Poetry, Review, Summer

How Many Ways to Arrive: A Review of not so, sea by Mg Roberts

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Durga Press, 86 pages
Reviewed by Muriel Leung

“tell me how to root in sentence form, to distinguish pain from sacrifice

                                                                                                   ::

tell me where to dissolve”

–excerpt from Mg Roberts’ not so, sea

For Mg Roberts in her wildly emotive first book not so, sea, poetry is an attempt to reconcile a messy story of origin. On the one hand, origin is scripted by geographical traversal as the speaker emigrates from the Philippines. However, geography in terms of nation and borders is just one narrative strain. For Roberts, geography is not only the stuff of maps but also the textured landscape of place, the angled hurt of memory, and the indefatigable strength of the mothering body that endures birth, death, and everything in between.

It is why the text within not so, sea appears in the form of non-linear narrative and fragments parsed by white space. Fragmentation is necessary to construct this particular narrative of origin. It disrupts a linear and hegemonic narrative that privileges order and coherency. For Roberts, these fragments are jagged shards that begin with a “cut” in the book’s cinematic opening in which the speaker watches the story of her birth through performative distance. The cut at once signifies the cutting of an umbilical cord as well as the filmic technique of moving from shot to shot. Though these gestures may seem like discordant parts, they are assembled together to forge a new meaning.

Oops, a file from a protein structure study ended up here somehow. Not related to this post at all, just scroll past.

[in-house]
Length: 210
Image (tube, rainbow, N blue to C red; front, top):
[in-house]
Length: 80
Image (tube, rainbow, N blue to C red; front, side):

This undulating movement between distance and longing characterizes the tonal complexity of the book’s fragments. In between birth and death, there is the narrative of a rich intergenerational history between women—the speaker, her mother, her grandmother, and her daughter as well. There is also the militarization of Asian countries that include the Philippines and Vietnam as well as the violent forces of racism in the speaker’s everyday encounters in the U.S. Frequently torn between spaces and time, the speaker forces herself to engage with what is most difficult in order to better comprehend her own history. She self-flagellates by watching post-Vietnam War action movies “to be closer to” an unnamed American G.I. that she addresses in a letter whose only distinction is by the number one. She ruminates on the Barbie Doll’s proportions and the expectations the toy’s measurements have placed upon young girls, particularly for the speaker’s daughter. In each turn, the speaker attempts to grow closer to violence as a way of touching it—which is a unique way of attempting to know it and master it in the hopes that she could uncover something in return that might make the future safe for her and her children.